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At least with the sailboats we always had large sheets of dacron that could be used to help stem the flow from the outside.

I have always thought the best emergency pumps were these. I looked into them on my sailboat but never did it. I haven't yet looked into it for my NP43.
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Old 08-18-2016, 11:15 AM   #11
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Quote:
Originally Posted by psneeld View Post
If you want to move water, not much seems to come close to trash pumps.


Have seen more than a few homeowners try to save their boats with home depot 110V sump pumps. While sometimes they do the job, often they didn't.


My point about damage control is always the bottom line.


I have raised boats with a diver laying across cockpit cushions stemming the flow over a low spot in the cockpit while 2 or 3 trash pumps putting out over 10,000 gallons per hour couldnt keep up till we slowed the inflow.


Have enough pumps to keep up with major seeps and trickles, but bottom line is...keep the water out at any cost. Generally pumps lose till the major issue is resolved.
...and keep your insurance up to date and your life raft ready!
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Old 08-18-2016, 11:41 AM   #12
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I keep a heavy tarp on board with lines attached which will reach around the hull. The plan would be to drop the tarp off the bow and work it into place to cover hull damage and slow water intrusion. By slowing the flow from the outside of the hull, water pressure is working with you rather than against you. Not recommended doing this with the prop(s) spinning.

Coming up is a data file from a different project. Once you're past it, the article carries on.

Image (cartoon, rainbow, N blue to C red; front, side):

Also keep the the usual tapered plugs, foam balls etc. readily available.

Dave - those shaft driven pumps seem like a good option.
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Old 08-18-2016, 11:48 AM   #13
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Quote:
Originally Posted by psneeld View Post
If you want to move water, not much seems to come close to trash pumps.


Have seen more than a few homeowners try to save their boats with home depot 110V sump pumps. While sometimes they do the job, often they didn't.


My point about damage control is always the bottom line.


I have raised boats with a diver laying across cockpit cushions stemming the flow over a low spot in the cockpit while 2 or 3 trash pumps putting out over 10,000 gallons per hour couldnt keep up till we slowed the inflow.


Have enough pumps to keep up with major seeps and trickles, but bottom line is...keep the water out at any cost. Generally pumps lose till the major issue is resolved.
Exactly right I didn't mean to imply that this was the end all... It is like a crash pump it is just another means of getting water out of the boat that shouldn't be in there in the first place...
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Old 08-18-2016, 06:13 PM   #14
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dhays - looked at the FastFlow link - just occurred to me that I have no idea what my screw/shaft speed is. I don't think it's anywhere near 1200-2000 rpm. I'm also sure it's all over the place depending on boat. Anybody know "typical" numbers?